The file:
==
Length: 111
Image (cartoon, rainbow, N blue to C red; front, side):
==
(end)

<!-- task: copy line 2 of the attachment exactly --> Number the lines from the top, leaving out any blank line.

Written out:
Image (cartoon, rainbow, N blue to C red; front, side):